- The conveyancer in this matter had acted as agent for both the buyer and the seller – as agent for the buyer in investing the funds pending transfer, but as agent for the seller in receiving payment of the purchase price.
- Accordingly the buyer “complied with her obligation in terms of the deed of sale by making payment of the purchase price to the [conveyancer] who was nominated by the [seller] to receive payment of the purchase price on the latter’s behalf”.
- “In addition, the Deed of Sale provided for the mode of actual payment of the purchase price and once this was done, the [buyer] had discharged her obligations. She did what was required contractually in respect of the purchase price and had no control of the process thereafter.”
The seller is therefore down R720,000 plus costs, and will be hoping that the Fund will now pay out his claim without further ado.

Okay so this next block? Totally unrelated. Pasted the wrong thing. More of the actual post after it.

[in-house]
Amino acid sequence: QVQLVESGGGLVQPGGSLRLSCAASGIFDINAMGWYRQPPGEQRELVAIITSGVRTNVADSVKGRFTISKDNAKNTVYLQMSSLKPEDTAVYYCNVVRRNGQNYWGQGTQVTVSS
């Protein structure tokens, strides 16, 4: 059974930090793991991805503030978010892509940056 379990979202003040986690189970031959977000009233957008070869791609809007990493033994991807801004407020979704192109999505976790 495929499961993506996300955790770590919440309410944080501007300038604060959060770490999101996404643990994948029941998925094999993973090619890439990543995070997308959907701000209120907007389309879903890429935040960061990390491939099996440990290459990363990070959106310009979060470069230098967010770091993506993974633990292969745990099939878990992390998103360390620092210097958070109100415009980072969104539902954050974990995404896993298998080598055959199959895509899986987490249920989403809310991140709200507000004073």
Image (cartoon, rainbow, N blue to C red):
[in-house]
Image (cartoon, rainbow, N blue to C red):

Choose a competent and trustworthy conveyancer. Don’t ever be railroaded by anyone into appointing someone else! And if your attorney isn’t also an admitted conveyancer, ask him/her for a referral to a trusted colleague who is.
As we saw above, the wording of the sale agreement is central to the level of risk you run – it should be clear that in paying the purchase price to the conveyancer you are paying the seller in complete discharge of your obligations under the sale agreement.
Bottom line – as always, ask your attorney for advice and assistance before you sign anything!
Airbnb Owners and Buyers – Should You Be Worried About the New Regulations?